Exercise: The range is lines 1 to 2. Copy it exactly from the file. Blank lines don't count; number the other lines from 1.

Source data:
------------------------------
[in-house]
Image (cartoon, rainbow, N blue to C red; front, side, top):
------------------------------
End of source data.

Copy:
[in-house]
Image (cartoon, rainbow, N blue to C red; front, side, top):